Farm Ireland
Independent.ie

Wednesday 7 December 2016

Cash from €150m low cost scheme unlikely to be released before March

Claire Mc Cormack

Published 23/11/2016 | 11:00

The €150m loan package is being delivered by the Strategic Banking Corporation of Ireland (SCBI) Photo: PA
The €150m loan package is being delivered by the Strategic Banking Corporation of Ireland (SCBI) Photo: PA

Many farmers are not aware of the strict guidelines surrounding the new €150m low-cost loan scheme being made available to the agri-secctor under an EU aid package, bank representatives have warned.

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Senior bank officials said they had received a huge level of queries regarding the loan scheme but many farmers are not clear about how the new loan scheme will work.

"I've had farmers ringing me about holding off on capital spending to take advantage of the low rates available under the new package," one senior executive said.

Other officials confirmed that a number of farmers who contacted the banks regarding new loans thought they could finance the fresh borrowings at the lower rate.

The €150m loan package is being delivered by the Strategic Banking Corporation of Ireland (SCBI) and is expected to be handled by the main banks and possibly other financial institutions such as the Credit Unions.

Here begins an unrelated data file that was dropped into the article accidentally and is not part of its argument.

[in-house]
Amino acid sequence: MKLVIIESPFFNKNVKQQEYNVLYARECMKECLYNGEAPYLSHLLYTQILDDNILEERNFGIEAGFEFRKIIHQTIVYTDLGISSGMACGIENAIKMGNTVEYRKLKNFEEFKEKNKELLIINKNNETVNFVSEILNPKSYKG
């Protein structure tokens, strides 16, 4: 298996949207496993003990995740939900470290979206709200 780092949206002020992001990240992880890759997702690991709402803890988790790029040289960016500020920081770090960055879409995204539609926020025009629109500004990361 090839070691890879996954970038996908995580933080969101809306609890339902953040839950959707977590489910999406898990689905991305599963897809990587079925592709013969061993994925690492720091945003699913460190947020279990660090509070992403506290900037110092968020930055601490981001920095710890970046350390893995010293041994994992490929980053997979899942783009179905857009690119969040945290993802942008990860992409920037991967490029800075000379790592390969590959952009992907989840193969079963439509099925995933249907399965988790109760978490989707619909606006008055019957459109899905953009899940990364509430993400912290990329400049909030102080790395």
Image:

A spokesperson for the SCBI said the loans can be used for existing debt and future working capital requirements.

Last week the SCBI put a call out seeking lending partners to distribute the low cost loans. The closing date for expressions of interest is this Friday (November 25).

Concerns

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It is understood that concerns have been raised by some of the lenders regarding details of the scheme. However, the main pillar banks, AIB, Bank of Ireland and Ulster Bank, are expected to make the package available to customers.

Bank of Ireland's Head of Agri, John Fitzgerald, confirmed to the Farming Independent that it was the bank's intention to support the scheme, subject to "clarifying details".

Ailish Byrne of Ulster Bank also confirmed that it was the bank's intention to be involved in the scheme.

"We are continuing to engage with the relevant authorities with a view to participating," she said.

The proposed package will offer unsecured loans at 2.95pc for farmers up to a maximum of €150,000 for up to six years.

It had been anticipated that the monies would be available early in the new year and that is the SCBI target, but it is now likely to be March at the earliest before the loans come on stream.

A scramble to authorise and draw down the loans seems inevitable as the full €150m must be utilised before the end of September 2017 under EU rules.

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